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Discover Indonesia

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01
Tetigo
1:43
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02
Kemayoran
4:53
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03
Gondang Si monang-monang
3:53
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04
Mares
4:57
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05
Curahan Hati
3:49
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06
Tabuh Kenilu Sawik
4:18
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07
Yendisare Aimando
3:24
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08
Stambul Bila
9:15
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09
Gandung Sia
5:05
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10
Padang Magek
6:01
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11
Tabung
4:16
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12
Kalimantan
1:35
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13
Teke Song
4:19
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14
Welasan
4:56
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15
Sampeq Penihing
8:31
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Album Information
EDITOR'S PICK

Total Tracks: 15   Total Length: 70:55

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Chris Nickson

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Chris Nickson lives in Leeds, England, the city where he was born. He moved back to the UK in 2005 after spending 30 years in the US, where he freelanced for nu...more »

04.22.11
An ideal primer to some of the world's strangest, and sometimes remotest, places.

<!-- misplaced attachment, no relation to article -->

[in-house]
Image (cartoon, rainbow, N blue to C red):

Label: Smithsonian Folkways

This compilation pulls from the label's exhaustive 20-album collection of Indonesian music, all recorded in the field. The sheer variety of music is overwhelming — not surprising, when thousands of islands make up Indonesia — and thrilling. Perhaps unsurprisingly, there's gamelan music (listen to the funeral piece "Tabung"), but there are plenty of unexpected pleasures, like choral pieces, and a xylophone duet, "Tetigo," which is simple and brief but eerily hypnotic. You have to wonder… read more »

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They Say All Music Guide

This is a great sampler of Smithsonian Folkways’ Music of Indonesia series, which is 20 volumes large. Adding the entire set to your music library will seem more reasonable — and necessary — after hearing this and realizing what an astonishing variety of music comes from Indonesia, which consists of over 13,000 islands. At the very least, this sampler will let you know which volumes to start with. This release offers a sampling of the country’s diversity with music from the forests of Sumatra’s mainland (Volume 7, here represented by the xylophone duet, “Tetigo”) to West Kalimantan (Volume 17, and here, “Kalimantan,” a ritual senggayung piece, played on seven bamboo) to Flores (Volumes 8 & 9, here represented by the a cappella choral festival piece, “Teke Song”) to Maluku (Volume 19, heard here on “Mares,” a surprisingly celtic-reminiscent string and drums dance number) to South Sulawesi (Volumes 15 & 18 focus on music from Sulawesi, but the folk guitar and singing heard on “Kemayoran” comes from the Indonesian guitar compilation, Volume 20). And, of course, there are also selections of music by gong and gamelan ensembles (Volumes 12 and 14, among others). Two gong ensemble selections appear on the sampler, “Tabuh Kenilu Sawik,” an upbeat, wedding piece and “Tabung,” which is played only at funerals, and one gamelan track from West Java, “Welasan.” Through Indonesia’s own internal variety, as well as the unexpected similarities to (and influences of) other cultures’ music, you begin to hear unguessed-at links between different cultures’ music. There is a wealth of music and musical history to be heard in this series. – Joslyn Layne

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